Last week, I was struck by a pair of otherwise unrelated NBA columns that drew the same conclusion: In the wake of the Boston Celtics winning the NBA championship, teams around the league have made defense a priority in the 2008-09 season.
First, I read Bill Simmons' NBA "reps" column, in which the Sports Guy made the following one of his observations about the early season:
8. What the heck happened to scoring?
Through four weeks, the games themselves have been lacking in the entertainment department and I couldn't figure out why. Then I checked the scoring.
[...] That's right, we're drifting away from the "Scoring Is fun!" era.
Steve Aschburner of SI.com took the analysis a step further, using advanced statistics. It was highly encouraging to see a mainstream columnist cite Dean Oliver and use Defensive Ratings and effective field-goal percentage.
OK, so...where does the NBA stand, defensively, at the moment? Through Monday, three teams--the Lakers, Celtics and Magic--had defensive ratings below 100 ("below" is a good thing, remember) and a total of 15 were limiting foes to 105 points or fewer per every 100 possessions. The comparable numbers from last season: one team (Boston) below 100 and just four below 105.
Aschburner wisely offered the caveat that the sample size remains small a month into the season. Unfortunately, he and Simmons both missed a larger point that trips up their analysis. Namely, offense tends to pick up as the season goes on, and teams historically struggle offensively in the month of November as they get comfortable with each other and the playbook and get back into a shooting rhythm.
I've been aware of this trend for some time, but never had the numbers to quantify it. Fortunately, my partner in crime, Bradford Doolittle, was able to pull month-by-month numbers from his 2007-08 database. Let's take a look at what they show.
Month Rtg Pace PPG eFG% OR% FTA/FGA TO%
Oct/Nov. 107.1 91.5 98.6 .490 .262 .317 .137
Dec. 107.8 90.9 98.6 .491 .268 .313 .134
Jan. 108.4 90.4 98.8 .493 .268 .310 .132
Feb. 108.9 90.4 99.2 .494 .268 .309 .131
March 109.7 90.4 99.8 .497 .268 .308 .128
April 109.8 90.4 99.9 .497 .267 .306 .128
Offensive Ratings improved each month before peaking in April at just shy of 110--a difference of nearly three points per 100 possessions as compared to October and November games. At the micro level, in terms of the Four Factors, there are also some clear trends. Shooting improved slightly over the course of the season, while teams also progressively improved in terms of taking care of the basketball. The only advantage offenses have in the early going makes some sense--defenses are more prone to sending them to the free-throw line, which could be another effect of rust.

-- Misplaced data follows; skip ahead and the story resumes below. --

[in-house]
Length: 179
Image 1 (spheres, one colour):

For another way to look at the issue, poster Cherokee_ACB on the APBRmetrics message board created this day-by-day chart for Offensive Rating throughout the 2005-06 season.
No matter how you conduct the analysis, it is evident that a comparison between offensive performance over the first month of the season and a full year is going to paint a misleading picture. That being the case, let's compare October/November 2008 to October/November 2007 and see whether it is really fair to say offense is down around the league.
Year Rtg Pace PPG eFG% OR% FTA/FGA TO%
2007-08 107.1 91.5 98.6 .490 .262 .317 .137
2008-09 107.5 90.7 98.1 .489 .270 .311 .138
(Note that this year's numbers are through Tuesday, so they do include two days' worth of December stats. The effect should be negligible.)
From this perspective, it appears that any talk of a renewed trend toward defense in the NBA is inaccurate. The shooting and turnover numbers are virtually the same as they were a year ago, with improved offensive rebounding more than canceling out the fact that there are fewer free throws being shot in the early going.
Where Simmons might be on to something is that the pace has in fact slowed a bit in the early going. Last year, games were played at a higher pace in November than they were the rest of the season, slowing again after December before settling in at 90.4 possessions per 48 minutes. So far this year, teams have played only slightly faster than that.
To dig a little deeper, I compared each team's pace so far this season to their pace from 2007-08. What's interesting is that the median change is none at all. Essentially half of teams are playing faster and half are playing slower (note that this isn't quite as odd as it seems because we're comparing the first month to the full year, when things were slower; I don't have team-by-team numbers for November 2007).
The slowing, then, is apparently due to the fact that while five teams are playing at least two possessions faster per 48 minutes--all of them, in something less than a coincidence, featuring new coaches--a whopping nine have slowed their pace at least that much. The biggest changes:
Team 0708 0809 Diff Team 0708 0809 Diff
NYK 90.3 96.9 +6.6 DEN 98.2 93.3 -4.9
DAL 88.8 92.2 +3.4 PHO 95.1 90.3 -4.8
WAS 88.3 90.5 +2.2 CHA 90.3 86.7 -3.6
DET 86.3 88.4 +2.1 MEM 93.6 90.7 -2.9
CHI 91.9 93.9 +2.0 SAC 93.3 90.8 -2.5
UTA 91.8 89.5 -2.3
IND 96.1 94.0 -2.1
OKC 95.0 92.9 -2.1
NOH 88.4 86.4 -2.0
While no returning coaches have seen fit to push the tempo, a number have sought to slow things down. What is especially noteworthy is that the list includes three second-year coaches who had relatively fast-paced teams in their first year at the helm of new teams--Marc Iavaroni, Jim O'Brien and Reggie Theus. Meanwhile, it's a veteran coach, George Karl, who has slowed things down the most with positive results thus far.
It's a little too early to describe this as a trend, but it's possible the league may be slowing down slightly. That doesn't mean that teams have embraced defense any more or any less than they did a year ago.
Kevin Pelton is an author of Basketball Prospectus.
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